Rating: 4½ stars (out of 5)

Squeegee (recommended for mature audiences) is available on Vimeo.

My mom, the cinematic legend

The Truth
Movie star Fabienne (Catherine Deneuve, center) is visited by daughter Lumir (Juliette Binoche) and son-in-law Hank (Ethan Hawke) in The Truth.

By Richard Ades

The Truth is a startling change of pace for Japanese writer/director Hirokazu Koreeda (2018’s Shoplifters), being a French film with two very French leading ladies. In a different sense, though, it’s not startling at all.

Though the plot hinges on the prickly relationship between aging movie star Fabienne Dangeville (Catherine Deneuve) and her screenwriter/daughter, Lumir (Juliette Binoche), the implicit subject is the world of movies. And moviemakers love to make movies about moviemaking, as Quentin Tarantino did just last year with Once Upon a Time…in Hollywood.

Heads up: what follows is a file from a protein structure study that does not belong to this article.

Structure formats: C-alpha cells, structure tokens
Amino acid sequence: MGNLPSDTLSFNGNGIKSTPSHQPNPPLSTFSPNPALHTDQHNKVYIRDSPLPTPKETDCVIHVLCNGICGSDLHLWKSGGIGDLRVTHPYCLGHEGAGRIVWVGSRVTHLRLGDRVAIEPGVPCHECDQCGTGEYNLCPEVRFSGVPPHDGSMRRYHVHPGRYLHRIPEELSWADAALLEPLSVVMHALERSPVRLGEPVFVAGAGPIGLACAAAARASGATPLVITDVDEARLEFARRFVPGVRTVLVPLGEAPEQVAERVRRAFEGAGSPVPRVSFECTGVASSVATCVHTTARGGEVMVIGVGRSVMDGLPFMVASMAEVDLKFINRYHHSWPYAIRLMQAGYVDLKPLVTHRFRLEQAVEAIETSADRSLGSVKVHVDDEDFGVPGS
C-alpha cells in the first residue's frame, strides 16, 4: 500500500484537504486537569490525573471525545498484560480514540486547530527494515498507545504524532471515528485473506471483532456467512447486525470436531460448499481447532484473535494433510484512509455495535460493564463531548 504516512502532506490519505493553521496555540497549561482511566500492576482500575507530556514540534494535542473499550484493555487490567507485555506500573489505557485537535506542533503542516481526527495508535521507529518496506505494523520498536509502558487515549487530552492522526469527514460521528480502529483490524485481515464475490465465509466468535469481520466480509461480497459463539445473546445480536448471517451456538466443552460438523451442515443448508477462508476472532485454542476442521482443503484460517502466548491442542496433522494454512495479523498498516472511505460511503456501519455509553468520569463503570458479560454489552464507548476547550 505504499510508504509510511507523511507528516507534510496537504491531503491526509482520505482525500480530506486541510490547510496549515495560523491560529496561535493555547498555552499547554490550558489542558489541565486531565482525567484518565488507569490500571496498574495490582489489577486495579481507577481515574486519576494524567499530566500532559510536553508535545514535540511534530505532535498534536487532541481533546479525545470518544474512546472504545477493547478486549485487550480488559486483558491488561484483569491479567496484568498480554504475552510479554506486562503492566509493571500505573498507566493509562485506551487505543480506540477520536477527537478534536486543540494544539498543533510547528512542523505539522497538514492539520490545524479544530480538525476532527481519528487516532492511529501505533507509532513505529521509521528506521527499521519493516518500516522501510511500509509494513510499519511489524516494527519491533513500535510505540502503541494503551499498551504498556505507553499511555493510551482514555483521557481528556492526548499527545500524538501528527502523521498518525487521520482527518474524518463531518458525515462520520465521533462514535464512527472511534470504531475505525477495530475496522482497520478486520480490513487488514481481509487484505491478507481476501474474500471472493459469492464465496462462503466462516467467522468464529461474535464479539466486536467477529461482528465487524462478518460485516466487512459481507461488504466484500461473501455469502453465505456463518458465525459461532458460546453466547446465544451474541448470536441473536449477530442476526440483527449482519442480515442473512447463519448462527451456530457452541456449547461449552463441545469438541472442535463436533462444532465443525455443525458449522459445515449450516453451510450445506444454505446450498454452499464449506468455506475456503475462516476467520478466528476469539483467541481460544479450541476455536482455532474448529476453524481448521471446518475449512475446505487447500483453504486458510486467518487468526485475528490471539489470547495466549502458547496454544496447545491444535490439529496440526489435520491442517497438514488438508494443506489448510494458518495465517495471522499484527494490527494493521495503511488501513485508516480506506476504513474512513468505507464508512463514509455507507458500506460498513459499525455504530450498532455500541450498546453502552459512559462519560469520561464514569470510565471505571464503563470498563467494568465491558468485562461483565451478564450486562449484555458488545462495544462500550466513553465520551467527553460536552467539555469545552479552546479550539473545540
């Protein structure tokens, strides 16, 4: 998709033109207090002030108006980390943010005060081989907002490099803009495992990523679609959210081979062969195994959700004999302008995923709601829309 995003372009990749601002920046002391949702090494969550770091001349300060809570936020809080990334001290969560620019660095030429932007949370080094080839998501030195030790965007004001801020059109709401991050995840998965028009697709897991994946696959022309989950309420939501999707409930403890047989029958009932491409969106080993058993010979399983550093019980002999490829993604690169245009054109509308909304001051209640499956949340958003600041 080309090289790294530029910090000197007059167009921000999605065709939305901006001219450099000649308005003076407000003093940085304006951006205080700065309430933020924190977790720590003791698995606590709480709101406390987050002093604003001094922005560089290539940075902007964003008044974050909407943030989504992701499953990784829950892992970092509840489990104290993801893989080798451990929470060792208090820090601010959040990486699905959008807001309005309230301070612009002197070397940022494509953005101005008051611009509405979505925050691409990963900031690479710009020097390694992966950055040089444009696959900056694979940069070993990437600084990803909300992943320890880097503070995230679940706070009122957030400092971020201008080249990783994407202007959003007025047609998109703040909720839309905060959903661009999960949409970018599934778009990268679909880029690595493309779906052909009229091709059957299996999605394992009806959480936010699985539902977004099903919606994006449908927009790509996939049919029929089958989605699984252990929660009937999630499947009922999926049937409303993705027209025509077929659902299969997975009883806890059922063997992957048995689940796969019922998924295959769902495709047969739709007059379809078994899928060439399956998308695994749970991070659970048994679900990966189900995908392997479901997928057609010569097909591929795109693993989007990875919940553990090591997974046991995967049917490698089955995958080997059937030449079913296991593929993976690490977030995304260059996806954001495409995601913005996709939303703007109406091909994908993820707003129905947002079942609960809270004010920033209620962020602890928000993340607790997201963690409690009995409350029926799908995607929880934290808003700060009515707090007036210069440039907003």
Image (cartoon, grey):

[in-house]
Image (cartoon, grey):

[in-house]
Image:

The Truth takes its title from Fabienne’s new memoir, whose upcoming debut has prompted a visit from New York-based Lumir and her actor/husband, Hank (Ethan Hawke), and young daughter, Charlotte (Clementine Grenier). But the book hardly lives up to its name, Lumir finds, as it describes a warm mother-daughter relationship that never actually existed. Asked about this, Fabienne huffily replies that, being an actor, she feels no obligation to be shackled by reality.